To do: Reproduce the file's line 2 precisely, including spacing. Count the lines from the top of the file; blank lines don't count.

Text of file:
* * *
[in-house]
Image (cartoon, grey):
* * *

Image (cartoon, grey):